WASHINGTON â€” The Obama administration plans to realign the United States' relationship with China by putting more emphasis onclimate change, energy and human rights, widening the focus beyond the economic concerns of the Bush years, according to senior administration officials.
WASHINGTON - The Obama administration plans to realign the United Statesâ€™ relationship withÂ ChinaÂ by putting more emphasis onÂ climate change, energy and human rights, widening the focus beyond the economic concerns of the Bush years, according to senior administration officials.
With Secretary of StateÂ Hillary Rodham ClintonÂ scheduled to visit Beijing next week as part of her first foreign trip in her new job, the administration is said to believe that a broader relationship with the Chinese could create opportunities for collaboration - not only on a response to the global economic crisis, but also on the environment and on security issues like the North Korean and Iranian nuclear programs.
Yet the new focus, which is being championed by Mrs. Clinton, carries risks, experts said, because it could aggravate tensions on delicate issues like Chinaâ€™s repression of Tibet and its position as the worldâ€™s leading emitter of greenhouse gases.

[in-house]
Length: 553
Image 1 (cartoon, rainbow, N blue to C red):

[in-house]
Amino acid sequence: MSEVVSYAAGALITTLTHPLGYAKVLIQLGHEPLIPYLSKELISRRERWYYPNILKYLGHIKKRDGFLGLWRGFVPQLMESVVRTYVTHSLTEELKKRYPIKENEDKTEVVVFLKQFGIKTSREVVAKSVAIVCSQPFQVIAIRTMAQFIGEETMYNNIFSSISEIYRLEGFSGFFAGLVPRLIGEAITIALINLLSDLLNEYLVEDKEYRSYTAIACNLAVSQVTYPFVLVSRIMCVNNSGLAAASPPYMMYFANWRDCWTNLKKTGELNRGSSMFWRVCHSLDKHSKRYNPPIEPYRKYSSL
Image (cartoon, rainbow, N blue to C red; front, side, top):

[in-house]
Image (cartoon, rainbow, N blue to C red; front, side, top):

An added hurdle for Mrs. Clinton, these experts said, is that the United States urgently needs Chinaâ€™s support on the economic front. Putting new issues on the table now may complicate efforts to seek Beijingâ€™s help in areas like financial regulation and stimulus campaigns.
â€œThe difficulty is not just that the timing is off,â€ said Minxin Pei, a China expert at the Carnegie Endowment for International Peace. â€œRebalancing the relationship means introducing elements that have friction. Those areas that have been ignored are precisely the more contentious ones.â€
Mrs. Clinton said recently that relations during the Bush administration â€œturned into an economic dialogue,â€ adding, â€œThatâ€™s a very important aspect of our relationship with China, but it is not the only aspect.â€
Speaking last week to reporters, she said, â€œWe want it to be part of a broader agenda, and thatâ€™s what weâ€™re working to achieve.â€
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